What happens when your client is no longer capable of making his or her own decisions? Perhaps your client has planned for this event and given a power of attorney (POA) to someone he or she trusts. What, then, is your new role?
These changed relationships can put advisors in an uncertain position. Given the industry’s know-your-client rules, an advisor may understand the client’s wishes better than the new attorney. Legally, though, they are obliged to act on instructions from the attorney once it’s determined that the POA is valid.
A POA is a deed that gives a person (attorney) the right to act on another person’s (donor) behalf. There are two different kinds of POAs. The first is an ordinary POA. Most clients would use an ordinary POA for convenience, such as when on an extended vacation. Their attorney transacts their affairs, as needed or as instructed, until their return. The POA may last for a specified time or may stay in effect until your client revokes it. The powers given to the attorney may be specific or broad.
By law, an ordinary POA ends when the donor becomes mentally incapacitated. This creates an obvious difficulty. Not only is the person unable to make decisions, but they also no longer have someone to look after their affairs. Lawmakers responded by creating the enduring POA. It continues through a person’s mental incapacity. Alternatively, the enduring POA may not come into effect until the donor is mentally incapacitated.
Oftentimes, a POA uses broad, general and indefinite language to describe the powers given, but an attorney can neither draft a will for a donor nor act as executor once the donor dies. Many broadly written POAs allow attorneys to do everything else.
The advisor position, then, requires a careful balance between respecting the POA and the advisor’s professional obligation to act in the best interest of their client. As discussed below, the law definitely leans more towards respecting the decision-making power of the attorney as opposed to relying on the advisor’s own professional oversight of a client’s affairs.
Many lawyers agree that, when presented with a POA and after making certain inquiries, the advisor is obligated to abide by the attorney’s wishes for their client. It is not an advisor’s place to over-police an attorney’s decisions.
Advice for advisors
Currently, the law in Canada favours the attorney’s right to act over advisor oversight. However, court cases have also recognized that financial advisors must act with reasonable care and have a duty to inquire about certain transactions (Gold et al. v. The Toronto Dominion Bank et al., 2001 BCCA 170). Thus, seeds of imposing greater oversights by an advisor are present in our law, though not firmly rooted. In addition, there is an increasing trend in the U.S. for advisors to be held accountable for insufficient oversight of attorneys.
For the time being, advisors need to strike a balance when dealing with a POA. They may:
Discuss with clients who they might name if they were to draft a POA, or who their attorney is if they have a POA in place already.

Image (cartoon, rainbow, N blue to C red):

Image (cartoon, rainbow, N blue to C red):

Explain how an attorney’s actions might affect their tax and estate planning, especially when an attorney acts without understanding the structures in place.
Obtain a copy of the client’s POA to keep on file.
Meet the client’s attorney in advance to discuss these issues, if possible.
When presented with a POA, you should, at a minimum:
Make reasonable inquiries to ensure that triggering events have occurred that put the POA into effect.
Speak to the client directly, if possible. Verify the client intends for the attorney to act on their behalf at that time.
Ask the attorney if there are other attorneys acting for your client. Some attorneys may feel, mistakenly or otherwise, that they can act under a revoked POA.
Ensure the client is still living, as many attorneys have assumed they can act on the POA even after the client’s death.
Review these steps, if necessary, to make sure the POA is still valid each time the power is exercised.
In uncertain situations, do not avoid the issue. Rely on your compliance process or compliance department for help, which may include seeking legal counsel.
Advice for clients (donors)
Take POAs very seriously. Understand how great an impact an attorney can have on your finances and estate when given this authority to act. When putting a POA in place, whether for the short term or for long-term estate planning, share this information. Have a frank discussion about your affairs and your wishes with your professional advisors and attorneys.
Be careful about using broad, general or indeterminate language when drafting your POA. Consider naming more than one person as an attorney; some donors are naming protectors who can remove an attorney. Finally, consider asking that a third party be notified if your attorney decides to act.
Advice for the attorney
Understand that an advisor needs to take a hard look at the document you’re presenting and make certain inquiries to ensure that it is legally valid. Do not be offended by the fact that they want to know what happened to their client. Most professionals will want to look behind the scenes to determine that you have the right to act on their client’s behalf.
Be mindful that there may be planning structures in place, such as tax minization strategies, that could be impacted by the financial decisions you make. An advisor will likely want to discuss these arrangements with you before acting on your instructions.
Appreciate that you have a statutory duty to act in the best interest of the donor.
Provinces have legislation in place to hold negligent attorneys liable if necessary.
Originally published in Advisor's Edge Report
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